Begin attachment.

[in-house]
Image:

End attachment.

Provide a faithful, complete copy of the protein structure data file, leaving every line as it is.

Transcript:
[in-house]
Image: